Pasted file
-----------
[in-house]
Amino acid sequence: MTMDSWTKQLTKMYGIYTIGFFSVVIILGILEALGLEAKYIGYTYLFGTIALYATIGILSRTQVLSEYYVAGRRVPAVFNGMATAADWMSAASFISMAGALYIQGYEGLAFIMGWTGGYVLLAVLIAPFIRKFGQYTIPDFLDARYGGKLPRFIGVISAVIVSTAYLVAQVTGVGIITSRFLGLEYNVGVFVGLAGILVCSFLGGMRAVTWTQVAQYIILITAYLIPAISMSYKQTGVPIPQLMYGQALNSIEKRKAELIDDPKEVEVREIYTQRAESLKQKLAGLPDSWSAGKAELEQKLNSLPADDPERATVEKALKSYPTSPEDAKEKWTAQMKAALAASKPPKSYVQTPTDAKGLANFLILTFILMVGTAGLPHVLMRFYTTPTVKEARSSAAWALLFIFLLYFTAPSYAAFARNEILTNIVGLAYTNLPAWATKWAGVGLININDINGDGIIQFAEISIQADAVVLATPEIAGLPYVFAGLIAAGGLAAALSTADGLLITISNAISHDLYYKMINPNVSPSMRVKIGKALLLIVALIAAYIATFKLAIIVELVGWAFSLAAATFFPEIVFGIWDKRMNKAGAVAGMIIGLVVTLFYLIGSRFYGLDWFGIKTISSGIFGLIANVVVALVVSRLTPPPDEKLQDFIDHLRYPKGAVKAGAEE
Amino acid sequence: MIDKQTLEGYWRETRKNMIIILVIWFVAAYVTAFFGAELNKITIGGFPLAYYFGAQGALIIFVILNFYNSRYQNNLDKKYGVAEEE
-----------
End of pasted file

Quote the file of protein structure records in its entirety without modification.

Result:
[in-house]
Amino acid sequence: MTMDSWTKQLTKMYGIYTIGFFSVVIILGILEALGLEAKYIGYTYLFGTIALYATIGILSRTQVLSEYYVAGRRVPAVFNGMATAADWMSAASFISMAGALYIQGYEGLAFIMGWTGGYVLLAVLIAPFIRKFGQYTIPDFLDARYGGKLPRFIGVISAVIVSTAYLVAQVTGVGIITSRFLGLEYNVGVFVGLAGILVCSFLGGMRAVTWTQVAQYIILITAYLIPAISMSYKQTGVPIPQLMYGQALNSIEKRKAELIDDPKEVEVREIYTQRAESLKQKLAGLPDSWSAGKAELEQKLNSLPADDPERATVEKALKSYPTSPEDAKEKWTAQMKAALAASKPPKSYVQTPTDAKGLANFLILTFILMVGTAGLPHVLMRFYTTPTVKEARSSAAWALLFIFLLYFTAPSYAAFARNEILTNIVGLAYTNLPAWATKWAGVGLININDINGDGIIQFAEISIQADAVVLATPEIAGLPYVFAGLIAAGGLAAALSTADGLLITISNAISHDLYYKMINPNVSPSMRVKIGKALLLIVALIAAYIATFKLAIIVELVGWAFSLAAATFFPEIVFGIWDKRMNKAGAVAGMIIGLVVTLFYLIGSRFYGLDWFGIKTISSGIFGLIANVVVALVVSRLTPPPDEKLQDFIDHLRYPKGAVKAGAEE
Amino acid sequence: MIDKQTLEGYWRETRKNMIIILVIWFVAAYVTAFFGAELNKITIGGFPLAYYFGAQGALIIFVILNFYNSRYQNNLDKKYGVAEEE